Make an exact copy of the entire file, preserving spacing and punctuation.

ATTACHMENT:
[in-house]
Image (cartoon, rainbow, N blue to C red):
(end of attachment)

[in-house]
Image (cartoon, rainbow, N blue to C red):